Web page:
1Sudden infant death syndrome (SIDS) is the sudden, unexplained death of a baby younger than 1 year of age that doesn't have a known cause even after a complete investigation. This investigation includes performing a complete autopsy, examining the death scene, and reviewing the clinical history.
When a baby dies, healthcare providers, law enforcement personnel, and communities try to find out why. They ask questions, examine the baby, gather information, and run tests. If they can't find a cause for the death, and if the baby was younger than 1 year old, the medical examiner or coroner will call the death SIDS.
If there is still some uncertainty as to the cause after it is determined to be fully unexplained, then the medical examiner or corner might leave the cause of death as “unknown.”
SIDS is the leading cause of death among babies between 1 month and 1 year of age.
More than 2,000 babies died of SIDS in 2010, the last year for which such statistics are available.
Most SIDS deaths occur when in babies between 1 month and 4 months of age, and the majority (90%) of SIDS deaths occur before a baby reaches 6 months of age. However SIDS deaths can occur anytime during a baby's first year.
SIDS is a sudden and silent medical disorder that can happen to an infant who seems healthy.
SIDS is sometimes called “crib death” or “cot death” because it is associated with the timeframe when the baby is sleeping. Cribs themselves don't cause SIDS, but the baby's sleep environment can influence sleep-related causes of death.
Slightly more boys die of SIDS than do girls.
In the past, the number of SIDS deaths seemed to increase during the colder months of the year. But today, the numbers are more evenly spread throughout the calendar year.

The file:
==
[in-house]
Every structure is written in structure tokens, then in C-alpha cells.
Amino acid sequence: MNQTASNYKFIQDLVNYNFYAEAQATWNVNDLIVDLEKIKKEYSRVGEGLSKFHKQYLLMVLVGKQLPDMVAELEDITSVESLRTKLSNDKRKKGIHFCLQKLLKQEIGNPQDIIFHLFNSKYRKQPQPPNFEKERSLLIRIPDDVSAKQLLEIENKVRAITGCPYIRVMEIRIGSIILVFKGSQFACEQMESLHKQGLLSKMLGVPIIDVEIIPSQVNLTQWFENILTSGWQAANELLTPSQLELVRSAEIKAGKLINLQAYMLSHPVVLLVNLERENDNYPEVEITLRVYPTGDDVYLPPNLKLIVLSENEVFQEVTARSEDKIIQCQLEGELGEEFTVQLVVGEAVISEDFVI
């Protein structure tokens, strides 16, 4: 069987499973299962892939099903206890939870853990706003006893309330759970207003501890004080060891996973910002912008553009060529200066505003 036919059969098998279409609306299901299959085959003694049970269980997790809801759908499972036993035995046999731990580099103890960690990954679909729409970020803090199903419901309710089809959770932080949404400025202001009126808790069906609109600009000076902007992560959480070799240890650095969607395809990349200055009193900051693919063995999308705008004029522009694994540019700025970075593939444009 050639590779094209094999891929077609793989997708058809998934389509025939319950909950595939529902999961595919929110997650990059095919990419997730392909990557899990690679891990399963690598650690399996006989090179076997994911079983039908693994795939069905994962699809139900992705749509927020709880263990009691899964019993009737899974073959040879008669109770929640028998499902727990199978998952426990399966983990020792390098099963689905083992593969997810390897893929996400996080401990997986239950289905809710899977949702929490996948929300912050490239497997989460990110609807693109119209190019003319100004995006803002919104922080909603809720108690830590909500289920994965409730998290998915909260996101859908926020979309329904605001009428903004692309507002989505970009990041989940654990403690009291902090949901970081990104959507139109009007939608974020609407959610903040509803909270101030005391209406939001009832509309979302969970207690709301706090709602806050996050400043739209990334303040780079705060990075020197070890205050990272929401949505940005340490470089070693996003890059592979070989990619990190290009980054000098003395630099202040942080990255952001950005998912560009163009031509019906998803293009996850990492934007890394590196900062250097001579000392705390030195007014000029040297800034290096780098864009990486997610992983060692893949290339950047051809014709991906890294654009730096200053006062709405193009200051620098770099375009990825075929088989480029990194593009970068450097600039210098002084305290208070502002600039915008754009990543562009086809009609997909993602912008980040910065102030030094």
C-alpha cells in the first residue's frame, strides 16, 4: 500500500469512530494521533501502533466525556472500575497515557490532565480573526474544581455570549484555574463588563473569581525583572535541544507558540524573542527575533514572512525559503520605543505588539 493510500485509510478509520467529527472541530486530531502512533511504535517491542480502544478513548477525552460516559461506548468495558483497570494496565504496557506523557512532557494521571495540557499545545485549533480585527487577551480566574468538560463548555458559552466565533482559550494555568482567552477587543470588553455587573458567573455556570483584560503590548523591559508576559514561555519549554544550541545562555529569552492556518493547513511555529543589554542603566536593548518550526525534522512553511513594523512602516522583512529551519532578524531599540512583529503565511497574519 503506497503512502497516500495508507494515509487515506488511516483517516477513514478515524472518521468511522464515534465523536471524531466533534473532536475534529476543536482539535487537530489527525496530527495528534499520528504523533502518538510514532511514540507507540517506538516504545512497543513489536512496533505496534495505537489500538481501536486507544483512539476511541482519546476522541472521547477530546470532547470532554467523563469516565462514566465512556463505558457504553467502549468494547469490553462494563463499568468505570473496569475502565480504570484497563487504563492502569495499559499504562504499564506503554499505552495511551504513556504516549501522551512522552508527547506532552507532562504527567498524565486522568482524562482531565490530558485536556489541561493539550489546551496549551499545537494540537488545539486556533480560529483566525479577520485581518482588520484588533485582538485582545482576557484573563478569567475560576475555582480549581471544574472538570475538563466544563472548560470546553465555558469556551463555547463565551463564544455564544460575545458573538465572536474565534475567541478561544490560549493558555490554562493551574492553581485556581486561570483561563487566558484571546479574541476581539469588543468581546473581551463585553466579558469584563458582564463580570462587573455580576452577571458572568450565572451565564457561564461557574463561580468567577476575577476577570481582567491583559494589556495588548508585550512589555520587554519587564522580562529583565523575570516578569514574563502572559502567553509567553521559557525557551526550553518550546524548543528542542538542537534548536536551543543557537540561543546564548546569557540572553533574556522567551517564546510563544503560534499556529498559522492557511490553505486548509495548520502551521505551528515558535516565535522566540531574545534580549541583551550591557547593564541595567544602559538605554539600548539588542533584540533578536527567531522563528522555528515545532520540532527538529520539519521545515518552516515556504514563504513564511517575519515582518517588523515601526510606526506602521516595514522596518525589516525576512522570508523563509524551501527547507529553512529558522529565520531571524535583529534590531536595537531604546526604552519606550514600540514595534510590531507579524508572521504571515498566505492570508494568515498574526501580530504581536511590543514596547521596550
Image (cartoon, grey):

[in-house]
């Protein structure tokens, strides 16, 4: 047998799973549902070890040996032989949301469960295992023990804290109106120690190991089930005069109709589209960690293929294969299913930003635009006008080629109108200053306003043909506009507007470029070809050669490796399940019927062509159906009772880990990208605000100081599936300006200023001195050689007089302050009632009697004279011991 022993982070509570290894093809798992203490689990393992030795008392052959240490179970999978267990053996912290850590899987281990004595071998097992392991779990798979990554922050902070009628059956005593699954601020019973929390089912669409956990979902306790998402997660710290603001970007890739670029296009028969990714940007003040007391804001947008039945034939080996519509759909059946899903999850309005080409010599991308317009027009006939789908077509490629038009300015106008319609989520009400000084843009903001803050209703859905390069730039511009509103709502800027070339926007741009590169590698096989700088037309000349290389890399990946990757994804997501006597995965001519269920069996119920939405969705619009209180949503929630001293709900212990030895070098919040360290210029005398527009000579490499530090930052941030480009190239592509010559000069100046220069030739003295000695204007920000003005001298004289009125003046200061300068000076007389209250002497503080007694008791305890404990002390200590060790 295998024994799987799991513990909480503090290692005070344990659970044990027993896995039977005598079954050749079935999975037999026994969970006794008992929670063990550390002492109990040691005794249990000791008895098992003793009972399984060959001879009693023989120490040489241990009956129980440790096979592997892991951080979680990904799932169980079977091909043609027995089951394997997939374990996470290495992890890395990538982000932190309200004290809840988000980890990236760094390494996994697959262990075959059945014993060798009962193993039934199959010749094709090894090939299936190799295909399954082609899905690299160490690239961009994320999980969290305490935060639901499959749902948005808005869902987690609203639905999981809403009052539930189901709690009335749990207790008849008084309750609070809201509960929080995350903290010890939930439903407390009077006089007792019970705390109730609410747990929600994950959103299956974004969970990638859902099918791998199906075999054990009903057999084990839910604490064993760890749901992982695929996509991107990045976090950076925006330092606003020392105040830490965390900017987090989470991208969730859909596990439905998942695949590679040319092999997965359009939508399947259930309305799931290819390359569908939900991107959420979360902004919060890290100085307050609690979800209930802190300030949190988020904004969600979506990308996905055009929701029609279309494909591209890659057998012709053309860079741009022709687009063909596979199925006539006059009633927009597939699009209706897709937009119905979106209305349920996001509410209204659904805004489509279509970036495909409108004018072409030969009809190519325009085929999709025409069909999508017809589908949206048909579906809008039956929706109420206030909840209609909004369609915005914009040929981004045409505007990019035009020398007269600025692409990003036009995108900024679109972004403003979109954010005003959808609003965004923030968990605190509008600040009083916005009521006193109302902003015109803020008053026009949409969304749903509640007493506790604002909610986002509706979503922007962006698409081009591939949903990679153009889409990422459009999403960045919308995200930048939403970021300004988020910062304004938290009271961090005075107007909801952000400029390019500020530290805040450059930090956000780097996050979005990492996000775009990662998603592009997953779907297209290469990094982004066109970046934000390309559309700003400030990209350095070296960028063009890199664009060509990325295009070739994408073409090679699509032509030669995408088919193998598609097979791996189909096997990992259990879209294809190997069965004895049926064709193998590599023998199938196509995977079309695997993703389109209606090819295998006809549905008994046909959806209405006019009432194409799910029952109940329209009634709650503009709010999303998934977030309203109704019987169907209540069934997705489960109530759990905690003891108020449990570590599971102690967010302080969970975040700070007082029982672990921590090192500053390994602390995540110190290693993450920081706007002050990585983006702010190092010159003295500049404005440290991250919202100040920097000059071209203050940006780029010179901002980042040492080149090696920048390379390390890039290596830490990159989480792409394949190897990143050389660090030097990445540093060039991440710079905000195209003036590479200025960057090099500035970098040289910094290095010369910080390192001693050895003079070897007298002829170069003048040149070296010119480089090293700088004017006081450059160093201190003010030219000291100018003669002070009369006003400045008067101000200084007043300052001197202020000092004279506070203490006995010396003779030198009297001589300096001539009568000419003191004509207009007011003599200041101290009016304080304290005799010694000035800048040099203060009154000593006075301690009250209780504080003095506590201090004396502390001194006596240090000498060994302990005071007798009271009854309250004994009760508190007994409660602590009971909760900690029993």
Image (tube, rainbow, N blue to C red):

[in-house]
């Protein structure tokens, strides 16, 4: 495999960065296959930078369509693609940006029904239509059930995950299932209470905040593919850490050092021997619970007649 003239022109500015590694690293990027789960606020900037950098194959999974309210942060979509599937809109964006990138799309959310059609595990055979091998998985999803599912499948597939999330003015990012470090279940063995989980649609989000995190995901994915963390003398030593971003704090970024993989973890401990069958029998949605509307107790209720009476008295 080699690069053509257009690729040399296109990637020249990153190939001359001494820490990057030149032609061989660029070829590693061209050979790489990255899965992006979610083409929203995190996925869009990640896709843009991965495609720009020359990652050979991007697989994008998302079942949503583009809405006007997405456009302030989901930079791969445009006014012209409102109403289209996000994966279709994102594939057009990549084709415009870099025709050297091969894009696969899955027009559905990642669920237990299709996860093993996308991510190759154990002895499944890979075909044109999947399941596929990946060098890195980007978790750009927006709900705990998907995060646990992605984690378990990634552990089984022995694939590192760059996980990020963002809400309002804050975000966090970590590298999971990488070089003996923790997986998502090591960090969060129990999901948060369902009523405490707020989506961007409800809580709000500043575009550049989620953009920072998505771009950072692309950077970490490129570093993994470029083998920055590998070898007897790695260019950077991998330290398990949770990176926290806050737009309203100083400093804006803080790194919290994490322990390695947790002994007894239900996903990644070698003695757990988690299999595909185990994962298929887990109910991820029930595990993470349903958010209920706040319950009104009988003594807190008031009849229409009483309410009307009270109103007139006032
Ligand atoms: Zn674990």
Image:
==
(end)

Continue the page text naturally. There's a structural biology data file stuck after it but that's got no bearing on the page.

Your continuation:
SIDS rates for the United States have dropped steadily since 1994 in all racial and ethnic groups. Thousands of infant lives have been saved, but some ethnic groups are still at higher risk for SIDS.
SIDS is not the cause of every sudden infant death.
Each year in the United States, thousands of babies die suddenly and unexpectedly. These deaths are called SUID, which stands for “Sudden Unexpected Infant Death.”
SUID includes all unexpected deaths: those without a clear cause, such as SIDS, and those from a known cause, such as suffocation. One-half of all SUID cases are SIDS. Many unexpected infant deaths are accidents, but a disease or something done on purpose can also cause a baby to die suddenly and unexpectedly.
“Sleep-related causes of infant death” are those linked to how or where a baby sleeps or slept. These deaths are due to accidental causes, such as suffocation, entrapment, or strangulation. Entrapment is when the baby gets trapped between two objects, such as a mattress and a wall, and can't breathe. Strangulation is when something presses on or wraps around the baby's neck, blocking the baby's airway. These deaths are not SIDS.
Other things that SIDS is not:
SIDS is not the same as suffocation and is not caused by suffocation.
SIDS is not caused by vaccines, immunizations, or shots.
SIDS is not contagious.
SIDS is not the result of neglect or child abuse.
SIDS is not caused by cribs.
SIDS is not caused by vomiting or choking.
SIDS is not completely preventable, but there are ways to reduce the risk.
We don't know exactly what causes SIDS at this time.
Scientists and healthcare providers are working very hard to find the cause or causes of SIDS. If we know the cause or causes, someday we might be able to prevent SIDS from happening at all.